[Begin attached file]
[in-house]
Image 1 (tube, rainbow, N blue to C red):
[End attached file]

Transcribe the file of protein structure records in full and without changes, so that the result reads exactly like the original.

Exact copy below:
[in-house]
Image 1 (tube, rainbow, N blue to C red):